Revealing Design Treasures From the Amazon - Web Design - Site Usability

Last week I had the privilege of going to An Event Apart in Boston where I participated in some great sessions on Web Design from some of the leaders in web design and development community.

The first session was from Jared Spool on Revealing Design Treasures from the Amazon. Jared starts his session by talking about Tuscan whole milk on Amazon, and the reviews included. Amazon stopped selling this milk a couple years ago, but people are STILL submitting reviews - and the reviews are HILARIOUS! A few examples Jared shared with us are reviews written from the perspective of a travel piece, a romance novel, and rock music review. The shorter ones are funny too, "OK product, but you have to buy a glass to use it".

"How many times have you gone into a planning meeting only to hear the words, "I like how Amazon does it, why can't we do it like them?" People don't say that about QVC... what makes Amazon so popular? A few stats:

A VERY successful site by any measuring stick. This isn't the only thing that makes Amazon so popular though - there are a few features that are nearly invisible that add a ton to the appeal of the website. An example of this would be from within the search results, the user can see when a product would be delivered. Most other sites do this on the product page, not the search results page. Pushing these results up higher allows the user to see important information without having to click deeper into the site. Another example of this idea is that Amazon provides incremental improvements rather than full, site-wide updates. Their shopping cart widget is a perfect example of this sort of iteration.

Based off these stats and the 'invisible' design iterations Amazon goes through, it's no wonder that people want to emulate them. But in order to emulate them we need to understand exactly what it is that Amazon does.

Engage Through Content

For Amazon, their content is their reviews. Shoppers will read the reviews that have been submitted on Amazon and then sometimes buy that product somewhere else. Amazon knows this and is okay with it. They even foster this by allowing people to continue adding reviews to their products that are no longer available on their website. Examples of reviews that are helpful not only to Amazon in driving customers to their sites, but the users that read them are two reviews from a Harry Potter book Jared shares with us. Once is about the content of the book while another talks about the experience this reviewer had with getting the book delivered from Amazon.

The problem with continually allowing people to add reviews is they are shown in a chronological fashion. This had disastrous consequences for Amazon because the crappy reviews were pushing down the good reviews. Naturally, Amazon saw this as a problem that needed to be rectified.

Their solution was a simple one. They added a simple question with a yes/no answer: "Was this review helpful to you?" That single addition to each review, is directly correlated to a $2.7 billion increase in revenue. This simple little addition didn't rollout with any big announcement of a new feature, but rather no fanfare. This addition allowed the more helpful reviews to filter to the top, while the crappy reviews fell to the bottom. Amazon found out that a simple chronological listing of reviews was not helpful to their users, but the helpful reviews were the most meaningful to their customers. Chronological reviews were only helpful to the author of the book and the people who wrote the reviews.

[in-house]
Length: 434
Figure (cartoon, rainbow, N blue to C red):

Some Experiments Don't Work

Although the key to success for Amazon has been experimentation, we must realize too that some experiments simply do not work. Amazon's interest in experimentation is extremely large because if an experiment works and is able to increase sales by $5 per order, that leads to an overall sales increase of $875 MILLION. If we as a web development community want to be like Amazon, we have to be willing to take incremental risks.

Amazon Gold Box

An example of an experiment that failed is the Amazon Gold Box at the top of the page that would wiggle at you. The idea of this 'widget' was to show that Amazon sells more than just books and DVDs. Essentially, they looked at your purchase history and show you things that are similar but nothing like you've purchased before and didn't know about. This frustrated people because they wanted to see things they were likely to buy. After awhile, people stopped using the Gold Box.


During the 'tag-craze' when every web developer who was worth their weight in gold started implementing tags, Amazon too jumped on the bandwagon. Some of the tags that people started using a lot were things like "book" and "DVD" but these are not very helpful, similar to the tag "not interested". Someone went through a lot of trouble to tag things that were not interesting to they could come back later and see all the things they aren't interested in? There are many other tags that people started using for bogus products, like "snakeoil", "IQ test", and "waste of money" are all tags that were placed on an ethernet cable that was selling for $500. Why would Amazon let their users tags things in such a non-helpful way?

The big lesson to be gleaned from Amazon's experimentation is this:

If your people are saying "we should be more like Amazon," that should really mean "don't feat new ideas." Experiment. Some experiments don't work. Know when to drop the ones that aren't working...

Jared leaves us with three points:

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